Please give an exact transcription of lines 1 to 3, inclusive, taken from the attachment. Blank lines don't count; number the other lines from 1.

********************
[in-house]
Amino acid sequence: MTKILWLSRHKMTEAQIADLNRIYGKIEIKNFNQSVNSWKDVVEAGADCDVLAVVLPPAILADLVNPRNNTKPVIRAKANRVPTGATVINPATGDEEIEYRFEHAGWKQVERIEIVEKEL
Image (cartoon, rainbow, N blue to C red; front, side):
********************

[in-house]
Amino acid sequence: MTKILWLSRHKMTEAQIADLNRIYGKIEIKNFNQSVNSWKDVVEAGADCDVLAVVLPPAILADLVNPRNNTKPVIRAKANRVPTGATVINPATGDEEIEYRFEHAGWKQVERIEIVEKEL
Image (cartoon, rainbow, N blue to C red; front, side):